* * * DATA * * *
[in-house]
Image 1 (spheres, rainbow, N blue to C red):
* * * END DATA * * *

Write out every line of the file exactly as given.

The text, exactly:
[in-house]
Image 1 (spheres, rainbow, N blue to C red):